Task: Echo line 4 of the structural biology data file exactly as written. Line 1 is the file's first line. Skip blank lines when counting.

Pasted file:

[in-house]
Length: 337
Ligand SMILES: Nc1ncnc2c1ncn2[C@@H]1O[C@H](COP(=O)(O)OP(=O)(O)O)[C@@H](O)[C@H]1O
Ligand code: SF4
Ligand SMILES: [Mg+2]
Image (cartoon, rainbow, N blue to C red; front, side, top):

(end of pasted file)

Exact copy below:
Ligand code: SF4